It rained on Friday... a lot, the thunder was loud and the wind howled. Saturday morning, however, was perfect. It was sunny and calm, with a freshness in the air that was, as I said earlier, just perfect.
The birds were chirpy, and I was happy to see that we have barn swallows building a nest in the rafters. I could watch them for hours as they flit around catching bugs in the air; cheering them on as they scoop up black flies and mosquitoes for breakfast.
Did I mention, the weather was perfect? We decided to head out for the day. Digby Neck and the smell of the sea breeze was calling, or was it the promise of Sissiboo coffee and home-baked cookies at the Digby Neck Collective yard sale? Either way, we took Hwy 217 down the 'Neck. Not the most inspiring of names, but what the name lacks, is more than compensated for by the scenic drive that takes you through picturesque fishing villages and offers glimpses of rocky bays and sandy beaches.
Our first stop was 'The Artists Mark'. Polymer clay is something that many of us played with as children, but what Vickie Turner creates, is far from child's play. Quirky little figures, full of character and expression, sat on the shelves, along with steam punk bracelets and exquisite jewellery. Vickie explained how she forms tessellated canes with various colours of clay, which is then sliced into beads, all intricately wired together.
Then we moved onto the yarns that her daughter hand dyes. Growing up in Norway, Vickie has an affinity with knitting, which is very evident in the beautiful shawls that she designs and hand-knits to showcase the luxurious yarns. My favourite was a lacy design in muted shades of blue, mauve and green, chosen to reflect the natural landscape outside her door.
Finally, we had a lesson in geology. After purchasing and renovating their home and artist's studio, they discovered that the area is rich in geology and Vickie's husband just happens to be a geologist! The window sill was loaded with incredible gems all found right on their doorstep.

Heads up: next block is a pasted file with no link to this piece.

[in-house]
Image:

I could tell you more, but it's best if you go and take a look yourself.
Whale Cove was our next diversion. As the name suggests, whales can often be seen from this small cove on the Bay of Fundy. We didn't see any today but we enjoyed a short stroll along the shoreline, filling our lungs with the salty sea air, before heading on to East Ferry.
On most days we would have taken the two ferries across to Long Island and Brier Island, but instead we looped around and meandered back through the fishing community of Little River.
By the time we got back to Sandy Cove the tide had receded and the beach beckoned us. A stranded fishing boat, with a gaping hole in her side and a belly of barnacles, deserved a closer look. Anyone who knows John will know that he can't resist an old engine or rusty mechanics, so it wasn't long before he was on deck and delving deeper. I just like barnacles!
Our final stop was to see the replica of Maud Lewis' house. For my friends outside of Nova Scotia, Maud is one of Canada's most beloved folk artists, who lived just outside Digby, NS. Despite suffering from physical birth deformities, as well as juvenile rheumatoid arthritis, and living in poverty, she painted joyful paintings, full of colour, often of flowers, oxen teams, horses, birds, deer, or cats, which she sold from her tiny house which she also decorated with similar colourful images.
The replica was built by Murray Ross, who we were lucky to meet. Murray first met Maud when he was ten years old and he was able to tell us a few stories of the artist. After Maud died in 1970, Murray spent a lot of time thinking about her and he felt compelled to build the house and share her story and his memories of her. (The original house is in the Art Gallery of Nova Scotia.) The one room house is an exact replica, built to scale and is open to the public by freewill donation.
On that note, we returned home to check on the progress of our barn swallows building their tiny house. It won't be as colourful as Maud's, but it'll definitely be joyful to see the baby chicks.